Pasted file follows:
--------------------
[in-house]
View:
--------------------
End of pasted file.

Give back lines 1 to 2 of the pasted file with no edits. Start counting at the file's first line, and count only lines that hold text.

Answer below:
[in-house]
View: